"Although Democrats think their health care legislation faces smooth sailing to implementation, there is a rock dead ahead -- a constitutional challenge to the legislation's core. Democrats who assume it is constitutional to make it mandatory for Americans to purchase health insurance should answer some questions: Would it be constitutional for the government to legislate compulsory calisthenics for all Americans? If not, why not? If it would be, in what sense does the nation still have constitutional, meaning limited, government? Supporters of the mandate say Congress can impose it under the enumerated power to regulate interstate commerce. Since the New Deal, courts have made this power capacious enough to include regulating intrastate activity that 'substantially affects' interstate commerce.. Hence Congress could constitutionally ban racial discrimination in 'public accommodations' -- restaurants, motels, etc. -- as an impediment to interstate commercial activity. Opponents of the mandate say: Unless the Commerce Clause is infinitely elastic -- in which case, Congress can do anything -- it does not authorize Congress to forbid the inactivity of not making a commercial transaction, of not purchasing a product (health insurance) from a private provider. ... [I]f any activity, or inactivity, can be declared to have economic consequences, then anything can be regulated -- or required. Furthermore, judicial review, and the Constitution itself, is largely nullified by a doctrine of virtually unlimited judicial deference to Congress' estimates of what is 'necessary and proper' for the regulation of commerce. If Congress does something beyond its constitutional powers, that something does not become constitutional merely by Congress saying it is necessary for this or that. ... [G]overnment's primary purpose is not to organize the fulfillment of majority preferences but to protect pre-existing rights of the individual -- basically, liberty." -- columnist George Will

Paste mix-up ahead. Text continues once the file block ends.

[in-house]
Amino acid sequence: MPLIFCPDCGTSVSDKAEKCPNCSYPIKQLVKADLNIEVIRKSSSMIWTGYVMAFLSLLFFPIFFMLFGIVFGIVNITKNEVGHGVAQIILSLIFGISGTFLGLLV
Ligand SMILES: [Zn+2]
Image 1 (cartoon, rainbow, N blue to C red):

The Last Word